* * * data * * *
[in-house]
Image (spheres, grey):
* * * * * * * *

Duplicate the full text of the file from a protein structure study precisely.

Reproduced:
[in-house]
Image (spheres, grey):